Sunday 17 December 2017

More than 900 children killed in Afghanistan in 2016

Unama's Danielle Bell holds a copy of the UN 2016 Annual Report on the Protection of Civilians in Armed Conflict in Afghanistan (AP)
Unama's Danielle Bell holds a copy of the UN 2016 Annual Report on the Protection of Civilians in Armed Conflict in Afghanistan (AP)

More than 900 children were killed in Afghanistan's conflict last year, the United Nations said, in the most violent year for children since it started keeping records.

The UN mission said the near-25% increase in child deaths from the previous year was largely caused by mines and munitions left over from decades of conflict.

It documented a 66% increase in such deaths in 2016.

The United Nations Assistance Mission in Afghanistan (Unama) said in its annual report: "Conflict-related violence exacted a heavy toll on Afghanistan in 2016, with an overall deterioration in civilian protection and the highest-total civilian casualties recorded since 2009, when Unama began systematic documentation of civilian casualties."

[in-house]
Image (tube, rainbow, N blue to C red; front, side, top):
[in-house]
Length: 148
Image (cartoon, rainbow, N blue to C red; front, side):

It said 3,498 people were killed in 2016, including 923 children, and that another 7,920 people were wounded.

The overall casualty toll was slightly higher than the previous year.

"I am deeply saddened to report, for yet another year, another increase in civilian casualties, another all-time high figure," Tadamichi Yamamoto, the UN envoy to Afghanistan, told a press conference.

Save the Children said the latest figures were "extremely concerning," and called on all parties to do more to protect civilians.

The Taliban, who have been waging an insurgency against the US-backed government in Kabul for more than 15 years, advanced on a number of fronts in 2016.

Afghan forces have struggled to tackle the militants since the US and Nato formally concluded their combat mission at the end of 2014.

Save the Children's country director, Ana Locsin said: "The humanitarian situation across much of Afghanistan has deteriorated significantly in the past 12 months.

"With the start of the traditional fighting season not far away with the end of winter, it could get even worse in the coming months."

AP

Press Association

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